Carlos Gonzalez shoots all kinds of assignment photography, but his main focus is sports. This year, he had the opportunity to shoot both Super Bowl LII in Minneapolis and the Winter Olympics in PyeongChang, South Korea. While we were interviewing Carlos at the Star Tribune‘s offices in downtown Minneapolis, he was working with his editor to put together a portfolio of his best work so far this year.
“The fraction of a second is the difference between a great image and one that’s just off a bit, and when you have them side by side, you can see it.” Carlos Gonzalez
“One of the most fulfilling parts of my job is being able to tell people’s stories. They’re trusting you to tell their stories, so there’s a lot of responsibility in that. And I’ve met a countless number of people, and everyone’s been wonderful in the sense of letting me in and letting me document what their life is like. It’s a really remarkable thing that people allow you to do that.”
In addition to chronicling fast-paced sports events, Carlos has been in the unenviable position of photographing people in mourning: “It’s always a very difficult situation. You come in and someone experienced some kind of tragedy in their life, maybe lost a loved one, and we go and meet with the family and are there to tell their story, which is very important, but they’re going through a very difficult time in their life, and to show that in a respectful way, it’s difficult.”
“There are instances where tensions can be high. We were sent out to cover the protests for Jamar Clark and there was this sense of anger, and in a situation like that, you just have to know how to diffuse the situation, sense how people are. It’s all part of the job and how you do it, and there are ways to diffuse situations and there are ways to escalate situations. Every situation is different, and you have to know the best way to handle it.”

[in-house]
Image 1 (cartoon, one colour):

With so many people in the world able to take photos at the push of a cell-phone button, I asked Carlos whether or not he thought this phenomenon was weakening photojournalism. Carlos said he provides a consistency that casual photographers can’t deliver, and looking over his body of work, I tend to agree with him – though he does appreciate the real-time significance of taking photos with his cell phone and sharing them on his Instagram page.
Here’s a short video about Carlos and the weekly entertainment newspaper, Vita.mn.
Here’s another short video about a photo Carlos took during Randy Moss’ rookie year.
Special Thanks: StarTribune, Target Field
Additional Media: National Basketball Association, Major League Baseball
Minnesota Music: Doomtree, John Mark Nelson, Noah Hoen, The Goondas, River High
Production Team: Slade Kemmet, Susan Thao, Joe Demko, Ezra Gold